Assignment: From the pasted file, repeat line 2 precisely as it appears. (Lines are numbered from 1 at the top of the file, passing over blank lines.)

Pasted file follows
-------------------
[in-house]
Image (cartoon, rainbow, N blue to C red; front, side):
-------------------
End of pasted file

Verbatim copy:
Image (cartoon, rainbow, N blue to C red; front, side):